Motor control or graded activity exercise for chronic low back pain? A randomised controlled trial
The primary aim of this project is to compare the effectiveness of two of the most commonly prescribed exercise interventions: motor control exercises and a graded activity program, for the treatment of chronic non-specific low back pain. The secondary aim is to identify treatment effect modifiers that predict which exercise approach is best for an individual patient. With the large prevalence of chronic low back pain even modest predictive ability could make a substantial contribution to health systems worldwide.
The study is a randomised controlled trial comparing graded activity and motor control exercise for patients with chronic low back pain. Each exercise program consists of 12 individually supervised one hour sessions over an eight-week period, two additional follow-up treatments at 4 and 10 weeks and a home exercise program. Outcomes are measured at two months, six months and 12 months from baseline. Putative predictor variables include patient demographics and clinical characteristics, patients’ beliefs and attitudes about pain, measures of physical activity and fitness and measures of control and coordination of the lumbar spine and pelvis.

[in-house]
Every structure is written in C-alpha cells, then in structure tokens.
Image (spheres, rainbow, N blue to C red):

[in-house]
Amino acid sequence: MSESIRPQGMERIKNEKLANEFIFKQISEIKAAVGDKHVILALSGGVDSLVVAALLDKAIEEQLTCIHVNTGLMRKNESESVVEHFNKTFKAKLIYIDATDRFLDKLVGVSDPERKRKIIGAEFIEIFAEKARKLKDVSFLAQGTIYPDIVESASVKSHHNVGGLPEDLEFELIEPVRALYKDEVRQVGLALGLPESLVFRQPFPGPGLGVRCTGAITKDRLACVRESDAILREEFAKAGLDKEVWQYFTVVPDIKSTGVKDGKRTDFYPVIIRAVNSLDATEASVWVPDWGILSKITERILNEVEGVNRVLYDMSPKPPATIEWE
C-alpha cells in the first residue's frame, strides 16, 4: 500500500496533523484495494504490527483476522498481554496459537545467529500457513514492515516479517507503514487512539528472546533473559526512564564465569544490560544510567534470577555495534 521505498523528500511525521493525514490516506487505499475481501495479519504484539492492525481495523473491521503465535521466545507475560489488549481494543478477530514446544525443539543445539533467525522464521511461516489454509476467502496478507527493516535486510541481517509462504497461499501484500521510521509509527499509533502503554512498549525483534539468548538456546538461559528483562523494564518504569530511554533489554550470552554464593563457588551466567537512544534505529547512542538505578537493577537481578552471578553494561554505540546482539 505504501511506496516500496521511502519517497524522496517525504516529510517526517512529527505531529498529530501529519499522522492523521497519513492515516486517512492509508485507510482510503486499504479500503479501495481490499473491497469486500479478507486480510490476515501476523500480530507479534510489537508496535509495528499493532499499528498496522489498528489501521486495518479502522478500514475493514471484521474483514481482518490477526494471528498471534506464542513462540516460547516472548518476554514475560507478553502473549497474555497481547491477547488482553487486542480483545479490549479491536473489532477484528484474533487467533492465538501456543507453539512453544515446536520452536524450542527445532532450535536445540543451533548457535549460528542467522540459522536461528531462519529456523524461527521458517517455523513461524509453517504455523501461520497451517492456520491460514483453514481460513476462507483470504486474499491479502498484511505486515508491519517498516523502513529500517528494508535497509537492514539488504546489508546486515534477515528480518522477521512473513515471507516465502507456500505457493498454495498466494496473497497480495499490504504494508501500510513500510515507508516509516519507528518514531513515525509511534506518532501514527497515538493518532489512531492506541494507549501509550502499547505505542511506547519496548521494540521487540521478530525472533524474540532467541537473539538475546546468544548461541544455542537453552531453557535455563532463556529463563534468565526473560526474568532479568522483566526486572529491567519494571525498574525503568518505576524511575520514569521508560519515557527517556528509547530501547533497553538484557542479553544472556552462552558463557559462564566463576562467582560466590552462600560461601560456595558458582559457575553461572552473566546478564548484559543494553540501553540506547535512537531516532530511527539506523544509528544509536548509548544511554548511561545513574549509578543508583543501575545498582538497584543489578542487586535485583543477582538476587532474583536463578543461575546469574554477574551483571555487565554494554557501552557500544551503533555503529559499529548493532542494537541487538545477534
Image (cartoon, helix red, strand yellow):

Recruitment was completed in November 2009.